As we were meeting in her beautiful office one day, her assistant came in to tell her the sad news that one of these wonderful donors had just passed away—never having been given the opportunity to make a major gift to this institution that she had loved her entire life. Instead, an additional million or ten went to her heirs or to taxes. What pleasure that gift could have brought that woman, to know the lasting impact she would have made on the museum.
Perhaps this story sounds familiar. Whether your donors are ready to give you millions or thousands or hundreds, every organization has donors with whom you have this deep permission—donors who consider themselves to be lifelong supporters of your work.
Your job is to find out who they are, nurture the process, and then ask them to give to whatever it is that most moves them. Furthermore, your job is to develop a pipeline of donors in this category so that the person who comes along after you will have inherited all those well-cultivated potential donors. You are on a scouting mission for lifelong donors, donors who truly get it about your mission and are giving for the right reasons. Then you’ve left a real legacy for your organization.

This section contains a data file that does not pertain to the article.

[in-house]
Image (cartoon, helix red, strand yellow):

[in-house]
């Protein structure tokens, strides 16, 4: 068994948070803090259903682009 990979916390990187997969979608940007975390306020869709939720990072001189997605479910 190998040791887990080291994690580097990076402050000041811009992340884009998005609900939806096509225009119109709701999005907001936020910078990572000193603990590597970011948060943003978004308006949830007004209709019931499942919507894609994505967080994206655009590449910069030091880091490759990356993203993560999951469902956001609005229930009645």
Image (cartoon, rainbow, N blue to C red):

Q: We always feel so overwhelmed with people’s generosity at holiday time. Do you have any suggestions to help us feel more prepared?
Stewart in New Jersey
A: Maybe it’s time to take out the old Wish List and give it a tune-up. After all, these are your holidays too! What do you really want for your organization? What are you wishing for?
Ask each department, staff subgroup, or staff member to list their top five needs. Have them be as specific as possible, from soup to nuts: band aids, diapers, computers or office equipment, gas for the van, a new music instructor or counselor, playground equipment, or even a new gym.
Then compile them all into a single Wish List. You might consider listing them by area or department: “The nursery is wishing for X, the maintenance staff is wishing for Y.” It will let people know that you really need these items.
Print them up on pretty holiday paper. Make enough copies so that you can distribute them generously throughout the season. Have them at your front door. Insert them in your newsletter. Have a little basket of them at your holiday parties and other events. In other words, let people know what you want and need so that they can fulfill your wish.